For the sake of simplicity much of the following description refers to one or the other of the magazines 42 and 44; however, the features found on one of the magazines are also found on the other magazine.
A pair of guide posts 65 are provided on the front cover 40 to position the storage magazine 44 in its fully inserted position in the data storage and retrieval device 20.
A low friction guiding rail 72 is mounted to the magazine 44 for guided movement of the magazine into and out of the data storage and retrieval device 20. A pair of low friction sliding rails 74 are also mounted to the magazine 44.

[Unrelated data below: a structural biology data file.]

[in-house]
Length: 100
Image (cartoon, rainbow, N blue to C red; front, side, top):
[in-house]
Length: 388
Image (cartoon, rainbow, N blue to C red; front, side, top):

The latch 70 is held to the partition wall by thin flex portions 80 that define an axis of rotation about which the flexible arm of the latch 70 pivots. The axis of rotation of the flexible arm 70 is parallel to the insertion direction of the cartridges 50 into the slot 48. An opening 82 reduces the length of the flexible portions and defines the axis of rotation of the pivoting motion. A slot 83 separates the back end of the latch arm 70 from the partition wall 52 to permit flexing about the axis of rotation. A forward extension 84 extending from the front end of the flexible latch arm 70 is engaged and moved by the robotic cartridge shuttle to selectively release the projection 78 from the opening in the cartridge 50 so that the leaf spring 60 may push the cartridge 50 to an eject position in the slot 48. It is also possible to release the cartridge manually by pushing the forward extension 84 with a finger. The user of the present device may thereby remove the cartridges 50 from the magazine 42 or 44 by manually releasing the latches 70.